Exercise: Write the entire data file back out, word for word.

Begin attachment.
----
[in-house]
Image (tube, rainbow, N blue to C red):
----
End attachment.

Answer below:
[in-house]
Image (tube, rainbow, N blue to C red):